4. As you get older your appetite for risky investments, and the personal management thereof usually diminishes. If, at the retirement phase you still want to keep your hand in, then hive off the assets needed to produce your sustainable income, ring-fence and let someone manage that – and use the excess to play with. It should be money you can afford to lose (but please don’t go and leverage it too). Managing income producing assets is a multidisciplinary approach that requires the blending of asset classes like fixed and variable income bonds, REITs, high dividend stocks etc and is beyond the experience of most stockbrokers let alone retail investors managing their own portfolio.
  5. Income producing investments usually come in the shape of bonds, with a smattering of dividends and REITs at various times and with a growth component from stocks to ensure the capital grows and therefore sustains the income in line with inflation. It is possible to just have a stock portfolio and use dividends, but then the sustainable income should be reduced in line with the dividend profile of the underlying companies. Remember to review this once-a-year to determine how much more can be extracted (if any) and still keep the investment sustainable without capital erosion. This approach of course immediately takes certainty out of the equation.
  6. Prudence. There is no getting around it, if you want your investments to produce an income indefinitely, increasing with inflation and without any volatility, then you have to manage it prudently. This prudence takes several forms.
    a. The drawdown shouldn’t exceed 5% per annum, 4.5% or less is even better.
    b. All the liquid assets, local and offshore should be considered and managed together.
    c. Residential property should not be considered as an investment asset – it just replaces rental expenses. Other illiquid assets can be built into the plan at a later date, if the pressure on the investments are too high.
    d. Capital depletion of any asset bucket, local or offshore should be avoided at all costs. In RSA Inc, some brokers advise that clients deplete local investments, saving offshore for later – this is a recipe for disaster (but the errant broker will be long gone before the flack hits the fan). It is much better to take a prudent drawdown from all your buckets of investments, including offshore, and bring the offshore income back once a year – and timing that according to the exchange rate. How and when this is done is the role of an experienced Financial Planner and should take into consideration the investor’s assets which are almost always unique. Roboadvisors, the Twitterverse or Cookie cutter programs used by brokers cannot give you this sort of advice.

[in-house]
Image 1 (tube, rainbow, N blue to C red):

e. Offshore investments have the added complication of the exchange rate fluctuations which adds a whole new layer of uncertainty that must be planned for.
    f. It is very difficult to accept a smaller income than you want, need or are used to at retirement. Who wants to to be forced to scale back after decades of hard graft? Brokers will ultimately bow to your wishes and give you the income you want, knowing that they will be long gone when the investment depletes. Find a Trusted Planner who will work with you over the years to align your wealth with your dreams, help you make the uncomfortable choices before its too late, look after your investments prudently and holistically, and not leave you with a nightmare in your final years.
  7. Your pre-retirement sources of income. Not everyone can work for themselves but prefer a corporate environment. Notwithstanding this, working for yourself is becoming easier all the time and has the added benefit that a corporate can no longer dictate your sell-by-date. Working for oneself can take the form of contracting or freelancing and as long as your skill set is maintained, can last as long as you would want. Having your own property portfolio used to be the great panacea of having a passive income at retirement, and in many ways it still is, but it isn’t really passive at all. The property has to be maintained, tenants managed, utilities paid, insurance paid and defaulting tenants evicted (with legal fees). To add insult to injury the return on Investment isn’t great. Ordinary investments like stocks or ETFs, properly invested, are actually far more passive. They can be managed from your armchair, without the risk of defaulting tenants. Capital appreciation of property has been stagnant for years – you might as well have owned stocks, and taken dividends.

In summary then, if you want to fund your long healthy life, then the assumptions made a decade or more ago are going to have to change. The good news is that change that is implemented slowly is much less painful than those imposed quickly, and doesn’t necessarily end up with a slow boiled frog.